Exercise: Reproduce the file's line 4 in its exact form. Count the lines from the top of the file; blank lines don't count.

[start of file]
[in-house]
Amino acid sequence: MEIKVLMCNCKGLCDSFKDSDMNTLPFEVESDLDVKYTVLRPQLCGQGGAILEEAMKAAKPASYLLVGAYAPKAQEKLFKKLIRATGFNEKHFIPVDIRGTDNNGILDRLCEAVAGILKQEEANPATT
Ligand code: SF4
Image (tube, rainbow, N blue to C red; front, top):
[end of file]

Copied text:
Image (tube, rainbow, N blue to C red; front, top):